April 9, 2010

Comfrey darling, comfrey...

Comfrey was brought yesterday by a postmen complaining about his aching knee. Package was pretty big to make comfrey's black roots comfortable while travelling, in this really cozy moss bed. I swapped Hydrangea paniculata Limelight baby to get this lazy looking beasty kid. Why to want it so much? Utopia, darling, idea fix – however you call it.

Comfrey finds his home in my garden because of its great natural fertilizing values. First it is free fertiliser, second it will make my garden more self-sufficient. With the time I am more and more bored with going shopping, so more and more often I do things to follow my utopia idea of being self-sufficient. Let’s say that on a better days, I believe it's possible to certain extend.

While gardening in real organic way, not industry promoted way, I am on my quest to improve soil quality without tiling. Why? Because lazy gardening is better – don’t you think? I prefer to spend more time to read in my garden, than only work, work, work... Don't get me wrong. I do like to work in the garden and it will never be possible to do nothing, but I want to reach balance with the help of Nature and make my garden self-sufficient in nutrients, that are removed while harvesting.
There are scientific proofs, that without tiling and weeding it is possible to get even better crops than while tiling and weeding. Sounds revolutionary? I know.

Lazy gardening doesn’t mean doing completely nothing – it means changing way of thinking, changing way of gardening and focusing on doing only necessary things.

Comfrey is one of my steps to ‘lazy gardening’ – what are yours? Or maybe you fully reject this idea and prefer too much work in the garden? How is it with you?

Recommended further reading Rosemary Gladstar's Herbal Recipes for Vibrant Health: 175 Teas, Tonics, Oils, Salves, Tinctures, and Other Natural Remedies for the Entire Family

16 comments:

Anna Bee said...

Ewa -

I'm with you on lazyness - lots of permaculture sheet mulch used on my allotment - no digging, and less weeds!

Anna

GardenJoy4Me said...

Ewa girl ! what big roots Comfrey has !! LOL
I agree with making your garden as easy going as possible .. thus getting the grass out is my plan .. and plants that don't have to be babied is a big point : )
Enjoyed your post girl ! .. how was that postman's knee ? LOL

Darla said...

This is interesting about the Comfrey...need to think on the lazy gardening thing...

Patrick said...

You're very optimistic to hope for a garden without weeding! Indeed, the direction you are heading it a good one, and I wish you the best of luck.

It's certainly true, the best gardens are the ones that are free and you don't need to put a lot of work into!

Also, I'm sorry about the plane crash. This must be quite a shock for everyone in Poland.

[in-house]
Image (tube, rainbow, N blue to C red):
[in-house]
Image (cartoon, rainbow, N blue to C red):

Ewa said...

Patrick, thank you for your comforting words - this plane crash is really shocking - I couldn't believe it first. It is still so unreal...

Viooltje said...

I was really shocked to hear about such a sad day for the people of Poland, especially on the Katyn forest anniversary. Really shocking :-(((. Still it is both sad and heartwarming to see your nation so united in the face of such tragedy. So God bless you all in this time of sadness...

Lawn Grubs Queensland said...

Reading in the Garden (Lap of Nature) is truly refreshing. Lazy gardening if practiced in an organized way leads to better results than full time gardening.

Ewa said...

Joy, this root is really huge - it show the beastie side of comfrey - it is almost not possible to eradicate it - so it has to be planted in the final place.
Postman's knee? hmmm... no idea...

Ewa said...

Violet - thanks so much for your words - big, big loss... there is something like collective mind showing its face in such moments...

Anna Bee said...

Ewa -
So sorry for the country's loss. I think the whole world feels this tragedy.

Anna

Bangchik said...

I love to lazy around and watch winged beans doing nitrogen fixation in the soil, earthworms creating tunnels to improve the aeration and drainage and leave their poo as organic fertilizer, and bees coming around sucking nectar and pollinating.

~bangchik
Putrajaya Malaysia

jodi (bloomingwriter) said...

I'm all about making the garden easier to work with too, Ewa. Comfrey has some inclination to spread in some gardens, but it hasn't been a problem here.

Ewa, let me join with others in offering my heartfelt sympathy to you and and all in your country on the terrible loss of President Lech Kaczynski, his wife, and so many of Poland's leaders. It's beyond terrible.

Gail said...

Ewa, What horrible and sad news for you all...My heart goes out to the families of those lost and to your nation. Gail

easygardener said...

I have it at the edge of the vegetable garden and the bees love it.

Christine B. said...

Lazy garden, veggie style: sign me up. My vegetable garden is so small, I don't do much digging anyway;)

Christine in Alaska

LeLo said...

Hello! Very interesting information you share. We have comfrey in the garden but never knew of its additional values. Very interesting!

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